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Re:How do you tell if the Routing is Good?
« Reply #75 on: March 07, 2007, 07:26:28 AM »
Yep, getting up here anytime? let me know and we'll grab a beer.

RE: the return less 200 yards, I knew you had me, but I figured I'd take a shot after your wise-ass response to my very sincere, heartfelt question.

See Brian Phillips response, his was a bit too detailed, with the tub referrence and all...maybe somewhere in between...but I wouldn't want you revealing any trade secrets here. Like Wayne says, I'll just get some newbie to do a routing for me and stiff him on the bill...

Did not mean to come off as a wise ass....well maybe...anyway.....I think TD says it best below...don't know how much can be written....
there will always be the "could have done it better crowd" among architects and they will always have a comment on any routing....AND truth is they probably all would work....I guess if one compared routngs to music...that wold be a good way for me to explain....if the routing has many interuptions and walks to the next hole...sort of like choppy music but if it flows from green to tee as well as from tee to green then you may have something....I would say the great routing have stood the test of time much like the great symphonies.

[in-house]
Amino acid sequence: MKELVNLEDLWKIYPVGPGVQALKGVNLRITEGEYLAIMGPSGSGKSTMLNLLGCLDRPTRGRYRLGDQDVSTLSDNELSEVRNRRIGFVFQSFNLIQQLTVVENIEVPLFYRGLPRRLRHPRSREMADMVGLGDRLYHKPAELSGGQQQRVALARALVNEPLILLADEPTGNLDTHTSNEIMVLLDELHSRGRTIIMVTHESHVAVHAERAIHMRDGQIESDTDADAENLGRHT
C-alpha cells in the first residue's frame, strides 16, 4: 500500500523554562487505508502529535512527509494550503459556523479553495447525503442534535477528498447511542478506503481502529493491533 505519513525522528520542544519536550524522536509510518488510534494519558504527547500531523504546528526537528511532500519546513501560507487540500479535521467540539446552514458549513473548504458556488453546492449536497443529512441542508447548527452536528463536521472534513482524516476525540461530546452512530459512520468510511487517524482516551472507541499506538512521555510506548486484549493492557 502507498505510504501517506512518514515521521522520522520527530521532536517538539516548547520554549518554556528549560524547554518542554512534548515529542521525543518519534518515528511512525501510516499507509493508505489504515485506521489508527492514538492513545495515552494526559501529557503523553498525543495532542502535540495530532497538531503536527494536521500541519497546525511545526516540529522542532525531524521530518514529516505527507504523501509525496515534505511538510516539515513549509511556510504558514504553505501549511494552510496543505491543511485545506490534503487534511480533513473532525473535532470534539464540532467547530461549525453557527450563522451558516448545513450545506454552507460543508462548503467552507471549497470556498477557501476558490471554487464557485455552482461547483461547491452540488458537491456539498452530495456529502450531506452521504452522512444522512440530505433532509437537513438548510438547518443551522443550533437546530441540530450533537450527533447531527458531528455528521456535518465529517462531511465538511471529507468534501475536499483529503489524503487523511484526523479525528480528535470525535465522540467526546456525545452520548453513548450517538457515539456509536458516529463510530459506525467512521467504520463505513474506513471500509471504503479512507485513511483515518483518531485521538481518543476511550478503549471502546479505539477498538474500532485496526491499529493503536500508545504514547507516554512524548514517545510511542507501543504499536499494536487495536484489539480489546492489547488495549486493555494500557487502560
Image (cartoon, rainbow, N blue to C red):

"just standing on a corner in Winslow Arizona"

Jeff Doerr

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Re:How do you tell if the Routing is Good?
« Reply #76 on: March 13, 2007, 02:28:52 AM »
The revised CPC review speaks so well to the genius of the routing there.

"The fact that the golfer walks right and up a dune as opposed to left and up a dune after leaving the 6th green speaks volumes as to how well routed the course is. While many architects might have seen the 7th hole, very few would have found the 8th with its requirement to hit over the shoulder of a dune. Fewer still would have had the courage to follow the 360 yard 8th hole with the 295 yard 9th. With a lesser architect, this three hole stretch would likely never have come into existence, which would have been a crushing blow to the quality of the course."
"And so," (concluded the Oldest Member), "you see that golf can be of